cover image Nothing’s Bad Luck: The Lives of Warren Zevon

Nothing’s Bad Luck: The Lives of Warren Zevon

C.M. Kushins. Da Capo, $28 (416p) ISBN 978-0-306-92148-3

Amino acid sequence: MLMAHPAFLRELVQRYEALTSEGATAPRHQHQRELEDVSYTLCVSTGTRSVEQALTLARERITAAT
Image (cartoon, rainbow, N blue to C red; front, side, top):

With refreshing candor, journalist and musician Kushins traces the ups and downs of Warren Zevon’s incendiary life and music career in intimate detail. Drawing on interviews with Zevon’s family, friends, and fellow musicians, Kushins provides a year-by-year chronicle of his subject’s struggles to stay sober, write songs, and make records. Born in Chicago in 1947 to a bookie father and Mormon mother who divorced, Zevon gravitated to music in junior high and developed a love of classical music to which he would return later in life. By the time he was 20, he was writing songs prolifically and in 1976 released his first record, Warren Zevon, to critical acclaim. Zevon had been drinking heavily throughout his 30s, and in 1984 he entered rehab. A sober Zevon in 1987 released Sentimental Hygiene, which contained his humorous take on rehab in the song “Detox Mansion,” which was “a deliberate push in introducing Warren to a new generation of fans.” When Zevon was diagnosed with cancer in 2002, he worked tirelessly to finish The Wind, which was released just before he died the following year. Kushins’s energetic writing and his deep dive into Zevon’s life and music offers a rounded and complete portrait of an enigmatic musician. (May)